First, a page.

Resume help?

Discussion in 'Job Seekers' started by miss-m, Apr 24, 2021.

  1. miss-m

    miss-m Devotee

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    Apr 24, 2021

    Hey all! I could use some feedback on my resume. My old one was very wordy and not formatted very well so I redid it a while back to make it pop, but now I'm worried that it's not any better. I know it's still early in the hiring process, but I'm not even getting called for interviews and I don't know why. I've had a few screening interviews that seemed to go well, but haven't had any follow ups from those. The job postings have been removed, so I'm assuming they've been filled.

    I could really use some feedback. Is it too much? Not enough? What am I missing here?
    Screen Shot 2021-04-24 at 10.07.25 AM.png
     
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  3. viola_x_wittrockiana

    viola_x_wittrockiana Comrade

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    Apr 24, 2021

    Here's my take, and teaching resumes used to be part of my job, but keep in mind that everything I'm saying is a choice, not a right/wrong thing:
    Take out the "adapting standards" thing; that's just plain part of a classroom teacher's job these days. If you choose to leave it in, add if there was any particular structure, like RTI or universal design for learning.
    The next two are both strong points that I would keep as-is.

    I would add a bit more detail to the math and science part. If you did real-world applications, project-based learning, or cross-curricular integration, then say that. Those are all buzz-terms for a reason. Maybe don't say "engaging" twice in a row, but it's not that big of a deal. If you'd used it a third time, then there'd be a problem.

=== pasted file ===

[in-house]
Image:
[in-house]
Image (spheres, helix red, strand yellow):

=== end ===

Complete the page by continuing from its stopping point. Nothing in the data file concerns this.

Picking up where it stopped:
Collaborating is just expected, so unless there was something specifically different about the way collaboration happened or what was collaborated on, it's not needed.

    Digital literacy and PBIS are both great buzz-terms too, especially if you're in a state that's currently transitioning to PBIS.

    I would add some description to the discovery room job. Everyone who would be hiring you knows what a substitute teacher does, but at least I have no idea what being a discovery room facilitator includes.

    I was taught to put only graduating year for degrees, and I would add in if you had honors.

    I would also add in examples of which digital tools you're trained/experienced in. There's so many on the market that not being specific may not be helping you.
     
    miss-m likes this.
  4. Richard_Smoot

    Richard_Smoot New Member

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    Jun 9, 2021

    Hi! I think it doesn't matter how the review is written as long as it is good, it should definitely be included in your resume. At the interview, people are worried and forget to talk about important things, others feel overconfident and brazenly exaggerate their merits. We need an objective and sober look that will put everything in its place. Therefore, the manager is interested in the opinion of the people who worked with you. How do you convince an employer that you are a valuable employee? Of course, these are recommendations from the previous place of work! They will prove that the authorities did not want to part with you.
     

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